The breathtaking and panoramic view from Sunrise Mountain along the Appalachian Trail rewards the hiker who has trekked up the steep side of the mountain. The view encompasses the pastoral farmland of New Jersey to the east and undeveloped forests and mountain ridges to the west. For those who don’t relish the idea of climbing up the side of a mountain and following a sometimes rocky and steep trail for a few hours, there is a short drive to the pavilion at the top of the mountain.

Stokes is famous for its impressive beauty, whether it is at the top of a mountain ridge or in the cool and fragrant Tillman Ravine with its rushing stream and steep cliffs. Hikers, campers, fishermen and photographers are attracted to its wild setting.

Maps and Guides

Stokes State Forest Map Stokes State Forest Map

Stokes State Forest Trail Map - North Stokes State Forest Trail Map - North

Stokes State Forest Trail Map - South Stokes State Forest Trail Map - South

A Guide to Stokes A Guide to Stokes



1 Coursen Rd, Branchville, NJ 07826


41.185649, -74.795486

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Opening Hours


Park Open: Sunrise to Sunset. Office Hours: 9 a.m. to 4 p.m.


Park Open: Sunrise to Sunset. Office Hours: 9 a.m. to 4 p.m.


Park Open: Sunrise to Sunset. Office Hours: 9 a.m. to 4 p.m.


Park Open: Sunrise to Sunset. Office Hours: 9 a.m. to 4 p.m.


Park Open: Sunrise to Sunset. Office Hours: 9 a.m. to 4 p.m.


Park Open: Sunrise to Sunset. Office Hours: 9 a.m. to 4 p.m.


Park Open: Sunrise to Sunset. Office Hours: 9 a.m. to 4 p.m.


Sunrise Mountain

The crest of Sunrise Mountain is one of the most frequently visited sites in Stokes State Forest. The mountaintop provides a breathtaking view at an elevation of 1,653 feet above sea level. The thin soil and harsh climate characteristic of Sunrise Mountain is a difficult environment in which few plants can survive. Mountain laurel, wild blueberry, pitch pine and scrub oak are among the natural vegetation found throughout the area. The pavilion at the summit was built in the late 1930s by the Civilian Conservation Corps. The Appalachian Trail runs along the ridge.

Tillman Ravine Natural Area

This cool evergreen forest of eastern hemlock is ideally suited for the steep slopes carved by the rushing waters of Tillman Brook. Several trails wander through this spectacular ravine, providing views of waterfalls and ferns clinging to rock crevices. The area is home to the threatened barred owl and other endangered species.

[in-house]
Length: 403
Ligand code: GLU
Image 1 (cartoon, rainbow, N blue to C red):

Online reservations can be made 7 days per week/24 hours a day at ReserveAmerica. To make a reservation through the call center, please contact ReserveAmerica at 1-855-607-3075 from 8 a.m. to 8 p.m. Monday through Friday and 9 a.m. to 5 p.m. on Saturday and Sunday from April 1st through October 31st. Beginning November 1st through March 31st, hours are 9 a.m. to 6 p.m. Monday through Friday and closed on Saturdays and Sundays.


Stocked annually by the Division of Fish & Wildlife, the Big Flatbrook and its tributaries provide some of the best trout fishing in New Jersey. Lake Ocquittunk and Stony Lake also are stocked with trout. The majority of the forest is open to hunting. Both fishing and hunting at Stokes State Forest are subject to the New Jersey Division of Fish and Wildlife regulations.

Interpretive Programs

The Park staff offer a variety of historical and natural interpretive programs seasonally. Contact the park office for a schedule of programs and to register. Program fees may apply.


Stokes State Forest offers 2 picnic areas Stony Lake and Kittle Field. The Group Picnic Area at Kittle Field has a capacity of 100 people, provides shelter, playfields and playground equipment. It may be reserved for a fee. Reserving the shelter at Kittle Field does not guarantee the exclusive use of all picnic tables, grills, parking spaces, playground, sports field and/or sanitary facilities at Kittle Field. Rental of the shelter at Kittle Field gives you and your group exclusive use of the shelter, picnic tables within the shelter, two large steel pedestal charcoal grills outside the shelter and 4 picnic tables outside the shelter. The Stony Lake picnic area has 45 tables with adjacent grills located next to the swimming area. This area is not reservable.


Small boats with electric motors are only permitted on the waters of Lake Ocquittunk and are subject to all applicable boating laws. There is no boat ramp.


Swimming is permitted in Stony Lake from Memorial Day weekend through Labor Day while lifeguards are on duty. Visitors will find a beach complex containing changing area, restrooms a first-aid station and picnic facilities. Inner tubes, rafts and other flotation devices are not permitted in the swimming area. Only Coast Guard approved life jackets are permitted. Pets are prohibited on the beach. Horseshoe pits have been added to the Stony Lake beach area. Please bring your own horseshoes and spikes.


A 12.5-mile section of the Applachian Trail follows the Kittatinny Mountain Ridge through Stokes State Forest. This trail's designated use is restricted to hiking only for its entire length from Maine to Georgia. White blazes mark this narrow and sometimes very rocky trail. A brochure is available regarding New Jersey's portion of the trail at the park office. Along Kittatinny Mountain are outstanding views of the surrounding landscape. Sunrise Mountain offers scenic vistas of the Kittatinny Valley to the east and the Delaware River Valley to the west. In addition to the Applachian Trail, there are more than 33 miles of marked trails within Stokes State Forest. Trails vary in length from one half mile to four miles, and over terrains ranging from flat lowlands to rocky mountains. Many of the trails connect, offering the hiker a variety of trips from an hour to a full day.